From a nasty spat between luxury good brands to the latest wild headline about Theranos, welcome to this week’s news roundup.

The Business Buzz

The clock is ticking. I initially wrote about the TikTok saga a couple of weeks ago. Now it’s looking like the drama is far from over. ByteDance was given until September 20 to sell TikTok to an American company or be banned from operating in the country. But now the Chinese government is stating that they have regulatory authority over the sale. This new complication not only jeopardizes the looming deadline, but also casts doubt on ByteDance’s early claims that China had no jurisdiction over TikTok or its data. With billions of dollars riding on the app’s sale, I think we’ll probably see the deadline extended. 

Keeping things IRL. Unlike other tech giants, Amazon is planning to get workers back in the office early next year. And it announced yet another major hiring spree across the US and in the UK. The company is adding employees at both hourly and salaried positions in locations like Seattle, Denver, and Detroit (among others). The pandemic has been very good to Amazon as online shopping hit new levels. But that success also brings growing pains, and Amazon continues to be under regulatory scrutiny — alongside other big tech companies like Facebook and Google.

Breakfast at Tiffany’s just got awkward. Pre-coronavirus, the french luxury brand company LVMH — which owns brands like Louis Vuitton, Dior, and Hennessey — was set to buy Tiffany for $16.2 billion. On Wednesday, LVMH announced that they were backing out of the deal. Their reason? Trade tensions between the US and France were complicating the deal. LVMH even received a letter from France’s foreign minister asking that the deal be delayed until January 2021. Tiffany responded by filing a lawsuit in Delaware Chancery Court. The next day, LVMH clarified that the jewelry company was mismanaged during the pandemic, further justifying their desire to end the merger. The mismanagement claim seems pretty weak though. Tiffany’s sales fell 37% in the first half of 2020 — meanwhile LVMH had a loss of 38% for its jewelry and watch business in the first half of the fiscal year. If Tiffany was mismanaged, then maybe LVMH was too?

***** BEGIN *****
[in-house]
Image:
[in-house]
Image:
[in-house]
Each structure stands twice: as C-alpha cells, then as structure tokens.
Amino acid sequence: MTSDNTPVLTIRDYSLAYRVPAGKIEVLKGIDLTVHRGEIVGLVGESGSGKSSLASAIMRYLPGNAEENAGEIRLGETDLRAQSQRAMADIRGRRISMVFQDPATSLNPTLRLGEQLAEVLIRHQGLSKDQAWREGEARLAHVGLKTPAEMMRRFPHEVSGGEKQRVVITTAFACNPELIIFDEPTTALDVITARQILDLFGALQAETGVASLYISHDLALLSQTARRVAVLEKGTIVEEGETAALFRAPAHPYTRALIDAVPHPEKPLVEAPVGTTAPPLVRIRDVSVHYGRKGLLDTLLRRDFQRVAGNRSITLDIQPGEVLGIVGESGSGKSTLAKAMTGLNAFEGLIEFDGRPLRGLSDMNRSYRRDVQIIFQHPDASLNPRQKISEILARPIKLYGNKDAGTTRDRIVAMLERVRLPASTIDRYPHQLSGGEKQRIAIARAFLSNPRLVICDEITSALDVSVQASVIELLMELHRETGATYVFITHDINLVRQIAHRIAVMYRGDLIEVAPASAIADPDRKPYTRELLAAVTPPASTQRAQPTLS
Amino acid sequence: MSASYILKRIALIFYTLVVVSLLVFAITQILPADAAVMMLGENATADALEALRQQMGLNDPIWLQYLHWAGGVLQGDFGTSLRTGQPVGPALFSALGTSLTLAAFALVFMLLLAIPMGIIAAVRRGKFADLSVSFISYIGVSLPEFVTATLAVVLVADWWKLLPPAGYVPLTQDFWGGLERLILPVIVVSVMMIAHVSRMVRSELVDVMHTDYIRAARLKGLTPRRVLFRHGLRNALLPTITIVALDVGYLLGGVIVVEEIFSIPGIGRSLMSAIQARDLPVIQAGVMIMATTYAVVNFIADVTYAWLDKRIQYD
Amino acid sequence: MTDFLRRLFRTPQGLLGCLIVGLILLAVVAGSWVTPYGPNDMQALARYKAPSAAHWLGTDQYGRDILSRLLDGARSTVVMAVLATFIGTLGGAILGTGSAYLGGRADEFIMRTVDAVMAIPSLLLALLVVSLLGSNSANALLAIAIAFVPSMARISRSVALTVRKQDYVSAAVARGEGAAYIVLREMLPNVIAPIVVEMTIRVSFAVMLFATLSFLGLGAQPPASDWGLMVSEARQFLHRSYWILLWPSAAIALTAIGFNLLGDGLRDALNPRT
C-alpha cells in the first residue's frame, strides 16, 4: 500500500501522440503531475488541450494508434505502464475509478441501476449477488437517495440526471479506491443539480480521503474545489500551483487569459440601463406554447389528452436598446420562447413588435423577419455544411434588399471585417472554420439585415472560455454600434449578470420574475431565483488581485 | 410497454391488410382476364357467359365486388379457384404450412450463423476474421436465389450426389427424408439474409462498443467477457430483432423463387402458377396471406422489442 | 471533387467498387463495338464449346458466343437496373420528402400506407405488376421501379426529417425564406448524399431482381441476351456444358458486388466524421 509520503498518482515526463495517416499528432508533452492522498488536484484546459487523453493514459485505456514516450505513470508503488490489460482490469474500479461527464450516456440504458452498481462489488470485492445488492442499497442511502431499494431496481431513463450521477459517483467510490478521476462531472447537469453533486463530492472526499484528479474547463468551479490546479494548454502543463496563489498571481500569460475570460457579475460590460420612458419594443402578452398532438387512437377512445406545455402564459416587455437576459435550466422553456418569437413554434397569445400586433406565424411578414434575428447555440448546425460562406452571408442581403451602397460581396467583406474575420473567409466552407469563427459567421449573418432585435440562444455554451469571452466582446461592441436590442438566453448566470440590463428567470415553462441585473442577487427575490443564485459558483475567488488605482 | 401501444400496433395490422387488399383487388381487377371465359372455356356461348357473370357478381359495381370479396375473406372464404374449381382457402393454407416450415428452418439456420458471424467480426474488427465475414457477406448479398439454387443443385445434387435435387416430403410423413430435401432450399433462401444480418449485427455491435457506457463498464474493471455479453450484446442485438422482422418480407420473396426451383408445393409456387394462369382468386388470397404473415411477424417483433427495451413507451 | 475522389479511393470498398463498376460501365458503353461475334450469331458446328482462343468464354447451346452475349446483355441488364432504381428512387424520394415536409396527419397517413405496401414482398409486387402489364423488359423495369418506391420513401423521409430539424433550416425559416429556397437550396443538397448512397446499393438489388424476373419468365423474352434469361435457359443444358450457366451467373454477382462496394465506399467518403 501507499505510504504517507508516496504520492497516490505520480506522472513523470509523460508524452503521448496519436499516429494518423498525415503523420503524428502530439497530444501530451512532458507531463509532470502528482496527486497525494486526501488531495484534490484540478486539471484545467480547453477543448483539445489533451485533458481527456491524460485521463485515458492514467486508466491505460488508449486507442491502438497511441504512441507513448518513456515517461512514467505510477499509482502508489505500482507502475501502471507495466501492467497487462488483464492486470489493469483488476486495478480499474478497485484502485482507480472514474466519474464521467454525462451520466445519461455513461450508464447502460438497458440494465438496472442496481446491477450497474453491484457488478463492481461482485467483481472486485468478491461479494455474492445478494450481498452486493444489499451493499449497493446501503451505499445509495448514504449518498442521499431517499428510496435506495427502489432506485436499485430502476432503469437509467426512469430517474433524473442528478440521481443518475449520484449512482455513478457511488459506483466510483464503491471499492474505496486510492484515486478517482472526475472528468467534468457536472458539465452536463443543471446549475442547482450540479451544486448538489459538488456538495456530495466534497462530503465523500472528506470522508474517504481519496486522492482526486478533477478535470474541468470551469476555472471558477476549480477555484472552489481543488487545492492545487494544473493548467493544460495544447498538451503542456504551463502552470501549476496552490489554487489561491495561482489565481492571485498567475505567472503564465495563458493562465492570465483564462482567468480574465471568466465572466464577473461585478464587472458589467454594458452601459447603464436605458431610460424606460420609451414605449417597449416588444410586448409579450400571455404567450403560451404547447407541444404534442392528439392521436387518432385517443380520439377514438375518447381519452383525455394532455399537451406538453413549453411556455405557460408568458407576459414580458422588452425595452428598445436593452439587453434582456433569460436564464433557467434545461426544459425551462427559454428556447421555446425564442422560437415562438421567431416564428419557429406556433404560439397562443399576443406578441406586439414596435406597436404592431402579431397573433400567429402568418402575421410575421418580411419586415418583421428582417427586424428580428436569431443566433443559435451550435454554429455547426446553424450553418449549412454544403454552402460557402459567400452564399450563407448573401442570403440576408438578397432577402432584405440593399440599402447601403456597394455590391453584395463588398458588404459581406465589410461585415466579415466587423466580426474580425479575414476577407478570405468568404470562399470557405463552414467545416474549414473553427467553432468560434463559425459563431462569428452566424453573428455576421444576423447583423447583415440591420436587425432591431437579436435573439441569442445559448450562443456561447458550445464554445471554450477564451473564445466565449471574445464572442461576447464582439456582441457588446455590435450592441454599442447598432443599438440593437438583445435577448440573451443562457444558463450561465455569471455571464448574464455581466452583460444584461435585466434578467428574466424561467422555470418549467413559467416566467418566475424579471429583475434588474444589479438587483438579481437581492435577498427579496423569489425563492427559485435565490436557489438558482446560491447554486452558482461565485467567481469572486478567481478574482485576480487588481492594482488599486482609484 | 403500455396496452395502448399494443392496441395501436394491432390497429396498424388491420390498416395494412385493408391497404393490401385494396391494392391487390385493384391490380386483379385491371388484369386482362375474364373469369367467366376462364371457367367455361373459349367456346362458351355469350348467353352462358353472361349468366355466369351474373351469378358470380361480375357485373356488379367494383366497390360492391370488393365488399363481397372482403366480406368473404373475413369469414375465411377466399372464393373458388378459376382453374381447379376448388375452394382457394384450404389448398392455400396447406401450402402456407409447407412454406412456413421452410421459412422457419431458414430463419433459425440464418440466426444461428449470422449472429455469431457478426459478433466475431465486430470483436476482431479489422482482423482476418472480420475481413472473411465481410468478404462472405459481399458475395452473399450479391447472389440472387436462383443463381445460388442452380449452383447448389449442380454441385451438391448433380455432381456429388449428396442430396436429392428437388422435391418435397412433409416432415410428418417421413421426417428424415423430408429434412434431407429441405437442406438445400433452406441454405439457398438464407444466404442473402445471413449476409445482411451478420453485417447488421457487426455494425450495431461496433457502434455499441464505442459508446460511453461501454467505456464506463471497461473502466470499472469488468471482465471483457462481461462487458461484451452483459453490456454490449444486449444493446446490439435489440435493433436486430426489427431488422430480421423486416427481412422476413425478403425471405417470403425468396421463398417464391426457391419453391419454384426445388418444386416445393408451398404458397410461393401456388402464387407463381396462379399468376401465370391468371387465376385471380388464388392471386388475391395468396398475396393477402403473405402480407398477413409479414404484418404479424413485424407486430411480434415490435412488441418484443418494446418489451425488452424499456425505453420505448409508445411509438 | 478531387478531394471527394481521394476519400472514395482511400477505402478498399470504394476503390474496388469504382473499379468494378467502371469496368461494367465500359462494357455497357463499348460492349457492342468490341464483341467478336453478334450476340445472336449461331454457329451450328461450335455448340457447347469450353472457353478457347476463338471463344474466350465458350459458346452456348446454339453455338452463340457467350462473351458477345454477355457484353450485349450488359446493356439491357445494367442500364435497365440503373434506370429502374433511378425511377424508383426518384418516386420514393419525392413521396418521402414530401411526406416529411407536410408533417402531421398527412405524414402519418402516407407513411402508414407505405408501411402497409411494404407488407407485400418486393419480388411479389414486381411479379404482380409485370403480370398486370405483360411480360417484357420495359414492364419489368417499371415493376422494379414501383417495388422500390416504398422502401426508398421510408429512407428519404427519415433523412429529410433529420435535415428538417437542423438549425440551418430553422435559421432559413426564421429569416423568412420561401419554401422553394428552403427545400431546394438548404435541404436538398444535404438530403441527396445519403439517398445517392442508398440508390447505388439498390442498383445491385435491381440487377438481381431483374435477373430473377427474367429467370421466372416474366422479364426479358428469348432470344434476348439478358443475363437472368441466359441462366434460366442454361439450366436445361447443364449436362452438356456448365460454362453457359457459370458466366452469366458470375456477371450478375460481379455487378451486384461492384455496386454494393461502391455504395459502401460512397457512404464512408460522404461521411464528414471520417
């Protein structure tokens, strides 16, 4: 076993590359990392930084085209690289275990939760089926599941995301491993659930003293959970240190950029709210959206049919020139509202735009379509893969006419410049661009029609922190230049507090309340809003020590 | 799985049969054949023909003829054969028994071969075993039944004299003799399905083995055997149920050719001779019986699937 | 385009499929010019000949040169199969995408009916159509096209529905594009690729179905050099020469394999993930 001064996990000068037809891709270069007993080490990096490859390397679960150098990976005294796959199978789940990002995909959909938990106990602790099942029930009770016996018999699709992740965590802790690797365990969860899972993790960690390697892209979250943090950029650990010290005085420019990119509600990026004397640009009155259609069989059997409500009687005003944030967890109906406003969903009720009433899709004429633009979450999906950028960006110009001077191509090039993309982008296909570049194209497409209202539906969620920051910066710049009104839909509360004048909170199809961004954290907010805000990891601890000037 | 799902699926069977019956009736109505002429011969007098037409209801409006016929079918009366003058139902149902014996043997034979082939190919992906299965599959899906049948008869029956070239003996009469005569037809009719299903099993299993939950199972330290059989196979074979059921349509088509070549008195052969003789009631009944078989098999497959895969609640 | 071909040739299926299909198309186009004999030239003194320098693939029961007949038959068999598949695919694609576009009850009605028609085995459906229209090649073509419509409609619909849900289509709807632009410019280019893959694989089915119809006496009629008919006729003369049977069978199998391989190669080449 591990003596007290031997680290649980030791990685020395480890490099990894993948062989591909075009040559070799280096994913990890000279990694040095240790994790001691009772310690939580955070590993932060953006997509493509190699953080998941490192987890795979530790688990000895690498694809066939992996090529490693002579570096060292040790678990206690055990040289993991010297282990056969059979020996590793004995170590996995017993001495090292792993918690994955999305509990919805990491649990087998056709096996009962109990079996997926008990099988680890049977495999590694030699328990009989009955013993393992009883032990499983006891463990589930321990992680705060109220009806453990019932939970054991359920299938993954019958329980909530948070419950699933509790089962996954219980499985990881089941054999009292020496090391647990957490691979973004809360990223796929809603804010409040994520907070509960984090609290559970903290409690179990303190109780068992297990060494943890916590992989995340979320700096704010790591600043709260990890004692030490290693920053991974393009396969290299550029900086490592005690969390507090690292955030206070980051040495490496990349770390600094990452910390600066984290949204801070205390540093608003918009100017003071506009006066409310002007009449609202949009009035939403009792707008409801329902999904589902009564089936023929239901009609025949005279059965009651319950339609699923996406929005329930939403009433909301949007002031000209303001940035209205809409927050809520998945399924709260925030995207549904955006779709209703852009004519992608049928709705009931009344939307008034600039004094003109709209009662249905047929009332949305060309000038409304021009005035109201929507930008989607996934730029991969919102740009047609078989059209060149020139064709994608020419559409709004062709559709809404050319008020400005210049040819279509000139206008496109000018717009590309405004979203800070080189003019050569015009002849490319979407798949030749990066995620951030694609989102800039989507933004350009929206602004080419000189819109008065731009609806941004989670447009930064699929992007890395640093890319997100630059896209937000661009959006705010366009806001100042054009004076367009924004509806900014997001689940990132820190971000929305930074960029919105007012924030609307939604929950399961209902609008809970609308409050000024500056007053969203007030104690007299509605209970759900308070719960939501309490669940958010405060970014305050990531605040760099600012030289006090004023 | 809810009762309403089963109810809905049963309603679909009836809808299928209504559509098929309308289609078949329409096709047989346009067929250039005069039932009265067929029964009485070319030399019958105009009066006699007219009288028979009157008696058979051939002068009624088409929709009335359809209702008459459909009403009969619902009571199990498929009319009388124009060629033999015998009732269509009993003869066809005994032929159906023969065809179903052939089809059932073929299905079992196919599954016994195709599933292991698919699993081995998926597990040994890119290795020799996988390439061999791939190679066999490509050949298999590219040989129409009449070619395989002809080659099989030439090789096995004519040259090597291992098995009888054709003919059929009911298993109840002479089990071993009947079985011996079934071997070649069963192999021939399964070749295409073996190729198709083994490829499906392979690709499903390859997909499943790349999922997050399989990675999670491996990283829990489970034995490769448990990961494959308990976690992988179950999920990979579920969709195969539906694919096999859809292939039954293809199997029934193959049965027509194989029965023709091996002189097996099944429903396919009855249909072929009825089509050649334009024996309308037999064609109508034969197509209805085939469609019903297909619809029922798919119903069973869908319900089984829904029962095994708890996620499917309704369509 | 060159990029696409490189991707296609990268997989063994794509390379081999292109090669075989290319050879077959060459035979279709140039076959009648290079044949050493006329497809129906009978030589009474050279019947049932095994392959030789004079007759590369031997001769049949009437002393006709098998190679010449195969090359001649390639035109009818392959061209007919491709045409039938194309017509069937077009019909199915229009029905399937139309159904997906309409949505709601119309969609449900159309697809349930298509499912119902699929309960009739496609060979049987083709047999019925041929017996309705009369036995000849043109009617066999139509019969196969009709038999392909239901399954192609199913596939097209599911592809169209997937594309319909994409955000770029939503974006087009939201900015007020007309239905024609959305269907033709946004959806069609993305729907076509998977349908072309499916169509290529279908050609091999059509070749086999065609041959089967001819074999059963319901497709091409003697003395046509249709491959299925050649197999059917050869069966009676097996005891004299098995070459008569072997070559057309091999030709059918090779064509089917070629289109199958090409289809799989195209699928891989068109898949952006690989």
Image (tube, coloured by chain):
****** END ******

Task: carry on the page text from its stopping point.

The Private Market

YieldStreet refuses to yield. In the first KingsCrowd News Roundup (can you believe it’s already been a month?), I wrote about how the crowdfunding platform YieldStreet was under SEC investigation. Now, the plot thickens. This week YieldStreet was officially sued by four investors who claim they collectively lost over $100 million in risky investments on the site. So far, YieldStreet is holding firm in their claim of no wrongdoing. In fact, the platform says that it was the victim of outside fraud along with multiple other private equity firms and financial institutions. A lawyer from the firm that is representing the individual investors stated that over a third of YieldStreet’s portfolio was in default at the end of Q1 2020. No matter how you slice it, things are not looking great for YieldStreet right now.

The Theranos story gets a new chapter. In the world of startup investing, Theranos is practically synonymous with scandal. If you’re not familiar with the startup or its roller coaster history from Silicon Valley star to shutting down in 2018, I recommend this article.

Suffice to say, Theranos founder Elizabeth Holmes was charged with “elaborate, years-long fraud” back in 2018. That’s because she and company president Ramesh Balwani managed to raise more than $700 million from investors as they misrepresented what their blood-testing technology could actually do. Holmes pleaded not guilty — her trial is scheduled for March of next year. But we got an early update this week. Her lawyers want to use a defense that hinges on Holmes having a “mental disease or defect.” It’s essentially an insanity defense. As you might guess, this revelation is being met with definite skepticism.

If you never thought a memo could be exciting, think again. Recognizing the startups that will hit it big when they’re still early-stage is a feat every venture capitalist strives for. And while you can never really know, it’s still useful to understand how the successful investors have done it. Bessemer Venture Partners is giving everyone that opportunity by releasing deal memos from some of its most successful investments. And when I say successful, I’m talking about companies like Twitch, Twilio, Shopify, and Pinterest. I think these memos are definitely good reading material for any startup investor, regardless of experience level. If you want the TL;DR version, our friends at Early Investing have a good piece on it.

The Fun Stuff

Autumn is for roasting. Roasted vegetables seriously have so much going for them. They’re undeniably superior to boiled or blanched veggies. They’re extremely low effort without sacrificing taste at all. And there’s something so amazingly homey about a warm oven. Plus, you can roast just about any vegetable you like, from classics like potatoes to unexpected winners like broccoli and onions. If you’re not yet on the roasted veggie bandwagon, then maybe this wonderfully detailed article can convince you to join us.